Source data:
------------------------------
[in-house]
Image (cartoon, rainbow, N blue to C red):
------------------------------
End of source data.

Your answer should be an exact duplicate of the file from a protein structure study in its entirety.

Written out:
[in-house]
Image (cartoon, rainbow, N blue to C red):